Endocrine Abstracts (2011) 26 P444

Regulation of visceral adipose tissue-derived serin protease inhibitor in overt and subclinical hypothyroid patients

Nese Cinar, Nese Ersoz Gulcelik, Kadriye Aydin, Safak Akin, Aydan Usman & Alper Gurlek

Hacettepe University School of Medicine, Ankara, Turkey.

Introduction: Visceral adipose tissue-derived serine protease inhibitor (vaspin) is a novel adipocytokine which might exert an insulin-sensitizing effect. It is thought that vaspin mRNA expression may be a compensatory mechanism associated with obesity and insulin resistance. Given the fact that subclinical and overt hypothyroidism are known risk factors for insulin resistance, we aimed to assess the regulation of vaspin by thyroid hormones in humans.

Methods: We enrolled 32 overt hypothyroid, 42 subclinical hypothyroid and 37 euthyroid patients in the study. We evaluated the body mass index (BMI), fasting glucose, lipid profile, TSH, free T3, free T4, fasting insulin and vaspin levels. Vaspin levels were determined by ELISA (ng/ml). We calculated the HOMA-IR index. We evaluated the change in vaspin levels in 16 overt hypothyroid patients after replacement of thyroid hormones.

Results: Overt hypothyroid patients were significantly older (P<0.05) and had higher BMI values (P<0.05) than subclinical and euthyroid patients. A significant difference in fasting glucose, triglyseride, HDL, LDL levels was found between the groups (P<0.05). However there was no significant difference in total cholesterol, insulin levels and HOMA-IR (P>0.05). Vaspin levels were not different between the groups (mean of vaspin levels in overt, subclinical and euthyroid patients respectively 1.13±0.8, 1.32±1.08, 1.03±0.76 ng/ml P>0.05). No significant association was observed between vaspin levels and BMI, fasting glucose, insulin and HOMA-IR (P>0.05). After replacement of thyroid hormones in overt thyroid patients, there was no siginificant change in serum vaspin levels (before and after treatment respectively, 1.23±0.94; 1.23±0.07 ng/ml P>0.05).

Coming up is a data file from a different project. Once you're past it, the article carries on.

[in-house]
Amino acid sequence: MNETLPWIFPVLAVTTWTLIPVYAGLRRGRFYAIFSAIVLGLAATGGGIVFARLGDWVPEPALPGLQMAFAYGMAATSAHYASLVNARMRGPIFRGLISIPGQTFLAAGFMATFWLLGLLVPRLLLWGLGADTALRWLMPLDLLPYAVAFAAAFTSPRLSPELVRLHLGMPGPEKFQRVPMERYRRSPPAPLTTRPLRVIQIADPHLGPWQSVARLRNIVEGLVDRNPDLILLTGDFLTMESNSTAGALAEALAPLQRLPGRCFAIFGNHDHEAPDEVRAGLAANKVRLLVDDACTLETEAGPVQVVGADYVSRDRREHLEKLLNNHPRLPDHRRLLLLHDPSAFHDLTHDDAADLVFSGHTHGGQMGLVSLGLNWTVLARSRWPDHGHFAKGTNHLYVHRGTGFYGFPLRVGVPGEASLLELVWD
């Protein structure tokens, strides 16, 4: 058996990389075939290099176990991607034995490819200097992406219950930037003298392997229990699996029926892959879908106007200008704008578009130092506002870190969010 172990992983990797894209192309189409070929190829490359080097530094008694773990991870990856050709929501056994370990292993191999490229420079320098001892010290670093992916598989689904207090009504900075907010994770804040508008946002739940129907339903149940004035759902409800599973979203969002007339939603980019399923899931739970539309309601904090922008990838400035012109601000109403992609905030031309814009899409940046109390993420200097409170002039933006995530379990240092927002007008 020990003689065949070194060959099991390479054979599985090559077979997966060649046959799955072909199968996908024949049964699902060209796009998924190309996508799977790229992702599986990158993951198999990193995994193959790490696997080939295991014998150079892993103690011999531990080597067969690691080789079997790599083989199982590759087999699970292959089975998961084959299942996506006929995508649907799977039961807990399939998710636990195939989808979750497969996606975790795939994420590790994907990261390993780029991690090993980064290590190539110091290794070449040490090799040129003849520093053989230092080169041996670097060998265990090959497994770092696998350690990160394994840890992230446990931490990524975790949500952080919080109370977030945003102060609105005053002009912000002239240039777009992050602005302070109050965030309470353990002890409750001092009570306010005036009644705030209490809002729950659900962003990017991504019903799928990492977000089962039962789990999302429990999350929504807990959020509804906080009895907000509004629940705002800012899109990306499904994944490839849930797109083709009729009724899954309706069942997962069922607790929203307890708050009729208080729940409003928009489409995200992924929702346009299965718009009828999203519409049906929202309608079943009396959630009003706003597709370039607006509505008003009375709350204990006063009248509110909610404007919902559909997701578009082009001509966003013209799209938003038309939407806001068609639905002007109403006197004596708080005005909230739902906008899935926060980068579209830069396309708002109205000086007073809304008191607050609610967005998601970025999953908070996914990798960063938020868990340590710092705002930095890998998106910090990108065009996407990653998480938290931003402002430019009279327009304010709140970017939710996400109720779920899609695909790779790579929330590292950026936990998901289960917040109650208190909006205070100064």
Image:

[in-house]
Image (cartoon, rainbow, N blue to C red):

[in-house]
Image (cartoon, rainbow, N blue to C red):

Conclusion: Although, in animal studies vaspin mRNa levels were shown to be down-regulated in hyperthyroid rats and increased in hypothyroid rats, we could not replicate these findings in humans. It’s likely that thyroid hormones have no considerable effect on the regulation of vaspin in humans.

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